My Philosophy

For this blog and my explorations in dance

 

“Dance is the hidden language of the soul.” –Martha Graham

I believe in the power and importance of dance as an art form in our society and world. Perhaps this is because I have been a dancer and have been absorbed in the form for all of my cognitive life. Yet, I feel that all people, not just those with my level of familiarity, can appreciate and enjoy dance. And this is because I agree with Martha Graham.

Dance is universal to all humans; everyone, through our shared corporeality, has the ability to dance and therefore everyone can experience and appreciate dance. This universality makes dance a very powerful tool of expression. Dance as an art form has the ability (and perhaps the responsibility) to reveal and to reflect on the world in which it lives. Therefore, I believe that a dancer should not only be concerned with dancing, but also with being a citizen in society and a human being in the world. A dancer must look outside of dance to contribute the most to the dance.

In a similar way, I believe that all those who toil for the sake of dance should work together more fervently, so that dance can continue to grow as a means of expression. The dancer and choreographer who make the art should not be disconnected from the dance academic who analyzes the art, or from the dance advocate who fights for the art, or the dance administrator that supports the art from behind the scenes. All sectors of the dance world should be closely tied through continuous discourse, thereby learning from each other and working together as allies to move dance forward.

In this spirit, I desire to look beyond the essential components of dance (the creating and performing), and examine the fuller context of dance as an art form. This involves using other areas of study – such as history, sociology, anthropology, philosophy, economics, politics, communication, and education – and considering what they reveal about contemporary dance. I also strive to acknowledge and explore the various sectors of the dance world (art, administration, advocacy, and academia), drawing from all to acquire a fuller view of dance. While there are many writers that discuss the stirrings of concert dance or offer performance critiques, I hope to present discourse that explores all of the above ideas – analyzing dance as an art form and thinking about how it relates to the world.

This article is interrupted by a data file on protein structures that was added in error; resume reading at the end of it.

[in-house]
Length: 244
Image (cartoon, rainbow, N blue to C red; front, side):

“One of my aims is to present questions rather than answers.” –Paul Taylor

I often find that when I discuss dance in a greater context, the discourse unfolds into an array of questions. Such questions could resemble: Where has dance been and where is it going? What is the purpose of dance to humans in the world? What place does dance hold in the country today? What does it mean to be a dancer or choreographer? Who should pay artists for doing what they do? How can dance progress and be successful as an art form?

Thus, I recognize that much of my writing will revolve around questions – either as inspiration for discussion or as the result of critical analysis.  I do not allege to having answers or solutions, but I hope to offer intriguing thoughts and informed discussion, which perhaps can relate to other art forms as well as dance. As often as possible, the posts will draw from relevant source materials – dance performances, books, articles, interviews, research – to provide insight and substance to the discussion.

By sharing the questions and discoveries that come from my own experiences and studies, I hope to provoke thought in others on the subjects presented. The purpose of this blog is to offer my own ideas and analyses on dance in an effort to promote discourse and inspire others to deeper exploration. Through this platform and my other dance pursuits, I hope to simply play a small part in advancing the study of dance and in moving dance forward in our society and world.

“I speak two languages: English and body.” –Mae West